Internationally renowned animal conservation charity, The Aspinall Foundation, has installed Sony BRAVIA 4K TVs into primate enclosures to show detailed and life-like footage to animals who will be introduced to protected areas of their natural habitat from 2016 onwards

The trial is part of an ongoing multi step programme to prepare the lemurs and langurs for their possible journey ahead.  The TVs will give the primates experience in dealing with new situations and objects

This week, Port Lympne Reserve in Kent, UK, has installed state-of-the-art Sony BRAVIA X90C 4K Ultra HD televisions into its lemur and langur enclosures. The trial is part of the animal conservation charity’s world renowned ‘Back to the Wild’ programme, and allowed primates to watch footage of their natural habitats in Java and Madagascar in detailed life-like 4K quality, to possibly help them familiarise themselves with their potential new homes.

Sony4K_Langur_ _Zoo1a-minSimon Jeffery, Animal Manager at Port Lympne Reserve, commented: “At Port Lympne, we’re always looking for new ways to engage and stimulate our animals. We use all sorts of different techniques to do this to keep our animals as interested and healthy as possible.  Sometimes the enrichment can involve scents or tastes or even new climbing features or toys but this time we wanted to try something a little different to see if they would be interested in their natural habitats in the wild.

“While our large enclosures are designed to resemble the animals’ natural habitat as closely as possible, we decided to give our langurs and lemurs an actual peek of areas in the wild that could, potentially, become their new homes. Sony BRAVIA 4K TV picture quality is so clear and detailed that it’s as close to seeing the rainforest with your own eyes.”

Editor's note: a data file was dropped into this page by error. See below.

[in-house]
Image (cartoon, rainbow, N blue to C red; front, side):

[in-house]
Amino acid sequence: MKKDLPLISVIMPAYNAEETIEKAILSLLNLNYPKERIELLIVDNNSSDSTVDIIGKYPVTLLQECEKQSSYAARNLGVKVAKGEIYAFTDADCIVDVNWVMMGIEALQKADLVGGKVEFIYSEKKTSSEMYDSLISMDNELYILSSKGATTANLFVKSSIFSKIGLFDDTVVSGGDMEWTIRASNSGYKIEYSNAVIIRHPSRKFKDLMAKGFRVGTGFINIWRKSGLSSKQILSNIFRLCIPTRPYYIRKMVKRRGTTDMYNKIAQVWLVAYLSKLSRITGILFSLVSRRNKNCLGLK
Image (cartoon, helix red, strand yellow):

Simon added: “Since 2012, we have successfully reintroduced several groups of langurs, gibbons and grizzled leaf monkeys from Port Lympne Reserve and our sister park, Howletts Wild Animal Park, to protected forests in Java.  We plan to send this particular group of langurs in 2016.

“Although we have been working closely with local communities in Madagascar for some time, we haven’t yet introduced captive born lemurs from the parks to this unique island.  Our surveys and ground work have been very successful and we’re really excited to start exploring the possibility of sending captive born lemurs back to the wild, where they belong.”

Sony4K_Langurs_ _Zoo10a-min

 

As part of The Aspinall Foundation, Port Lympne Reserve is devoted to protecting rare and endangered animals and returning them to protected areas in the wild, wherever possible. Port Lympne is extensively involved in exchange and breeding programmes throughout the world and have had many breeding successes.

Sony4K_Lemur_ _Zoo2a-minOther parts of the reintroduction programme include ensuring appropriate infrastructure is in place, teams in the field are equipped to fully monitor pre and post release, appropriate enclosures are built so that the animals can acclimatise and settle in to their new homes and their diets are gradually changed. Expert vets and keepers are also involved throughout the process to ensure a smooth transition.

Sony4K_Lemur_ _Zoo8a-minThe new BRAVIA X90C series brings stunning 4K picture quality to whatever image is on the screen, its four times the detail of HD. Thanks to the powerful 4K Processor X1 the clarity and contrast of every scene is now even more lifelike. As for the colour of the picture, it’s Sony’s unique TRILUMINOS Display technology that lets us enjoy the widest colour range ever, making the lush green rainforests look incredibly rich and vivid.

Pin It on Pinterest

Share This